Magnetic Resonance Imaging in the Contemporary Management of Medulloblastoma: Current and Emerging Applications

Methods Mol Biol. 2022:2423:187-214. doi: 10.1007/978-1-0716-1952-0_18.


Medulloblastoma, the most common malignant primary brain tumor in children, is now considered to comprise of four distinct molecular subgroups-wingless (WNT), sonic hedgehog (SHH), Group 3, and Group 4 medulloblastoma, each associated with distinct developmental origins, unique transcriptional profiles, diverse phenotypes, and variable clinical behavior. Due to its exquisite anatomic resolution, multiparametric nature, and ability to image the entire craniospinal axis, magnetic resonance imaging (MRI) is the preferred and recommended first-line imaging modality for suspected brain tumors including medulloblastoma. Preoperative MRI can reliably differentiate medulloblastoma from other common childhood posterior fossa masses such as ependymoma, pilocytic astrocytoma, and brainstem glioma. On T1-weighted images, medulloblastoma is generally iso- to hypointense, while on T2-weighted images, the densely packed cellular component of the tumor is significantly hypointense and displays restricted diffusion on diffusion-weighted imaging. Following intravenous gadolinium, medulloblastoma shows significant but variable and heterogeneous contrast enhancement. Given the propensity of neuraxial spread in medulloblastoma, sagittal fat-suppressed T1-postcontrast spinal MRI is recommended to rule out leptomeningeal metastases for accurate staging. Following neurosurgical excision, postoperative MRI done within 24-48 h confirms the extent of resection, accurately quantifying residual tumor burden imperative for risk assignment. Post-treatment MRI is needed to assess response and effectiveness of adjuvant radiotherapy and systemic chemotherapy. After completion of planned therapy, surveillance MRI is recommended periodically on follow-up for early detection of recurrence for timely institution of salvage therapy, as well as for monitoring treatment-related late complications. Recent studies suggest that preoperative MRI can reliably identify SHH and Group 4 medulloblastoma but has suboptimal predictive accuracy for WNT and Group 3 tumors. In this review, we focus on the role of MRI in the diagnosis, staging, and quantifying residual disease; post-treatment response assessment; and periodic surveillance, and provide a brief summary on radiogenomics in the contemporary management of medulloblastoma.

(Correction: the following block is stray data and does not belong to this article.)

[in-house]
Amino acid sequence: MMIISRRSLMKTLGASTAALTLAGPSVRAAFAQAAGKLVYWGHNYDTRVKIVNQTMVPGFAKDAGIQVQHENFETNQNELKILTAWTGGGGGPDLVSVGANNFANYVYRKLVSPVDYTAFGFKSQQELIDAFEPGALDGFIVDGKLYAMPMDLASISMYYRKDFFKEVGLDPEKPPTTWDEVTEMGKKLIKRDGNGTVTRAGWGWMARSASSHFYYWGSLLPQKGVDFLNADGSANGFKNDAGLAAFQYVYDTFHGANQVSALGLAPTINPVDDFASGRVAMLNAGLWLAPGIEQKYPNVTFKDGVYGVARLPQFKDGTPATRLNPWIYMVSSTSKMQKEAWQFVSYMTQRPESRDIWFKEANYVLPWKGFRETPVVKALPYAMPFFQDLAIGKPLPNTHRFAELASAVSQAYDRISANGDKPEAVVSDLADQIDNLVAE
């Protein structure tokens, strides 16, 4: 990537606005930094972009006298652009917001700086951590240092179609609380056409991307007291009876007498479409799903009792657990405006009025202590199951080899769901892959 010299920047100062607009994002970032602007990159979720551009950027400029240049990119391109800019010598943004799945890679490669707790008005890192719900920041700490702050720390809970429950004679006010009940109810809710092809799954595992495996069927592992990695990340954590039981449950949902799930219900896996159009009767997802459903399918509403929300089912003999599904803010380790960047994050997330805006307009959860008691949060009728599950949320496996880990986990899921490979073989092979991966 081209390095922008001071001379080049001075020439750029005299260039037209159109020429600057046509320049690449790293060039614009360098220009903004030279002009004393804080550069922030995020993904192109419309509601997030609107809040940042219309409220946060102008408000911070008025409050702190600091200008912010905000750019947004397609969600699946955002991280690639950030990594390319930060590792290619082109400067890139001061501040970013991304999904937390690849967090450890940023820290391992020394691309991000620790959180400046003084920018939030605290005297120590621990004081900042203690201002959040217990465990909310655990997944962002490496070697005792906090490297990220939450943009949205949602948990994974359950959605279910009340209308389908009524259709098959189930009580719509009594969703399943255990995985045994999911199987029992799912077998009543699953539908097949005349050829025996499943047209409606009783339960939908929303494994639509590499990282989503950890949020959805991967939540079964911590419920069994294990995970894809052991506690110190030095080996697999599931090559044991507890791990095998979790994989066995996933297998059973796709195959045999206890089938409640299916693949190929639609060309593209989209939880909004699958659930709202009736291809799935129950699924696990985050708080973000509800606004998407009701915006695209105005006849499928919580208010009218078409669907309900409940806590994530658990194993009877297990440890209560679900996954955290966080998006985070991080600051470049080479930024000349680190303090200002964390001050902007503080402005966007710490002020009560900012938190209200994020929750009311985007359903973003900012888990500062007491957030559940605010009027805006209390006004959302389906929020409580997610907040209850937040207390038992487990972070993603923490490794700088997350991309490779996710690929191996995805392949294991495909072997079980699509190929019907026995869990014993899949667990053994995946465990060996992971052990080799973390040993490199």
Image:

Keywords: Diagnosis; Imaging; MRI; Medulloblastoma; Molecular subgroups; Radiogenomics; Staging.

Publication types

  • Review

MeSH terms

  • Cerebellar Neoplasms* / diagnostic imaging
  • Cerebellar Neoplasms* / therapy
  • Child
  • Ependymoma*
  • Hedgehog Proteins / genetics
  • Humans
  • Magnetic Resonance Imaging / methods
  • Medulloblastoma* / diagnostic imaging
  • Medulloblastoma* / therapy


  • Hedgehog Proteins